Tennessee football: 15 Vols who were better in the NFL

Jason Witten, Dallas Cowboys. (Photo by Tom Pennington/Getty Images)
Jason Witten, Dallas Cowboys. (Photo by Tom Pennington/Getty Images) /
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Albert Haynesworth, Tennessee Volunteers
Albert Haynesworth, Tennesee Volunteers. Photo by Craig Jones /Allsport /

He joined Tennessee football in 1999, coming off their national championship season, and immediately turned heads as a freshman. Albert Haynesworth had the potential to be elite on Rocky Top.

However, throughout his time there, he played in John Henderson’s shadow. Henderson was a partial qualifier on the 1998 team due to academic reasons. He stepped in for Billy Ratliff early in 1999, though, and never lost his starting job.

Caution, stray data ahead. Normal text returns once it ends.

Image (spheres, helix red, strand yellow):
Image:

In 2000 and 2001, Henderson became beloved as a back-to-back All-American, an Outland Trophy winner a guy who openly decided to return for his senior season when he didn’t have to. On that elite defensive line, even Will Overstreet was a bigger deal than Haynesworth in college.

So when the NFL Draft came, it was no surprise that Henderson went before Haynesworth. And Henderson, to be fair, is a better leader and had a very good pro career himself with the Jacksonville Jaguars. But Haynesworth’s pro career was elite.

Selected by the Tennessee Titans, Haynesworth immediately helped get them back to the playoffs in 2002, and he did it again in 2003. In the mid-to-late 2000s, he became a rare defensive tackle who was the driving force behind a team. Haynesworth had six sacks and eight and a half sacks in 2007 and 2008, was All-Pro both years and could have been NFL MVP in 2008.

After those years, Haynesworth turned that production into a $100 million contract with the Washington Redskins. Sure, by that standard, he became a bust. But he still outperformed his college years. After having the best record in the NFL with him in 2008, the Titans would not make the playoffs for another nine years after he left Nashville.